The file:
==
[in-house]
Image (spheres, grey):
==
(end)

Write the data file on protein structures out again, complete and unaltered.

[in-house]
Image (spheres, grey):